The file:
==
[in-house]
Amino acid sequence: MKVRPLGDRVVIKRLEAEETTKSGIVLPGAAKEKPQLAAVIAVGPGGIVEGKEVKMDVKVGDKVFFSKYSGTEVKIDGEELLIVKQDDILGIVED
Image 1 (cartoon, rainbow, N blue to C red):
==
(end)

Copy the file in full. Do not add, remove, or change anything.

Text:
[in-house]
Amino acid sequence: MKVRPLGDRVVIKRLEAEETTKSGIVLPGAAKEKPQLAAVIAVGPGGIVEGKEVKMDVKVGDKVFFSKYSGTEVKIDGEELLIVKQDDILGIVED
Image 1 (cartoon, rainbow, N blue to C red):